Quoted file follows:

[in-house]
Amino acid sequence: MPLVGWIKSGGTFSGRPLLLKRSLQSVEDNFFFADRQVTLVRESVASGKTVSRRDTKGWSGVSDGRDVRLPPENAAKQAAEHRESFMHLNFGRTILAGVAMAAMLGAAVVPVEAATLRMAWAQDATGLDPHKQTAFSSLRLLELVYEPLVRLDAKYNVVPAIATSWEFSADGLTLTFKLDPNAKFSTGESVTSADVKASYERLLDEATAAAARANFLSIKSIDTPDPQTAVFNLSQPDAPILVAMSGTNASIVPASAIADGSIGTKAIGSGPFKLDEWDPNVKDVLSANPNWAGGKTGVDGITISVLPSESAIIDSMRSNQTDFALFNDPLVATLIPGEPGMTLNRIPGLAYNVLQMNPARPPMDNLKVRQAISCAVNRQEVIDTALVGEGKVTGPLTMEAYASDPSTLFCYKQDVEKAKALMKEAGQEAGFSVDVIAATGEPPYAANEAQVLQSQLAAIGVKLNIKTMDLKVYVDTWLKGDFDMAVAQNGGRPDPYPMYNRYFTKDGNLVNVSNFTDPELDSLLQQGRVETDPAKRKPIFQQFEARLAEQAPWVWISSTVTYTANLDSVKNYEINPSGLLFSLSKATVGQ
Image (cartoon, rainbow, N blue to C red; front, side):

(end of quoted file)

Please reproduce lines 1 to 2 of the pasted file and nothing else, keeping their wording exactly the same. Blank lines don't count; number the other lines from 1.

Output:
[in-house]
Amino acid sequence: MPLVGWIKSGGTFSGRPLLLKRSLQSVEDNFFFADRQVTLVRESVASGKTVSRRDTKGWSGVSDGRDVRLPPENAAKQAAEHRESFMHLNFGRTILAGVAMAAMLGAAVVPVEAATLRMAWAQDATGLDPHKQTAFSSLRLLELVYEPLVRLDAKYNVVPAIATSWEFSADGLTLTFKLDPNAKFSTGESVTSADVKASYERLLDEATAAAARANFLSIKSIDTPDPQTAVFNLSQPDAPILVAMSGTNASIVPASAIADGSIGTKAIGSGPFKLDEWDPNVKDVLSANPNWAGGKTGVDGITISVLPSESAIIDSMRSNQTDFALFNDPLVATLIPGEPGMTLNRIPGLAYNVLQMNPARPPMDNLKVRQAISCAVNRQEVIDTALVGEGKVTGPLTMEAYASDPSTLFCYKQDVEKAKALMKEAGQEAGFSVDVIAATGEPPYAANEAQVLQSQLAAIGVKLNIKTMDLKVYVDTWLKGDFDMAVAQNGGRPDPYPMYNRYFTKDGNLVNVSNFTDPELDSLLQQGRVETDPAKRKPIFQQFEARLAEQAPWVWISSTVTYTANLDSVKNYEINPSGLLFSLSKATVGQ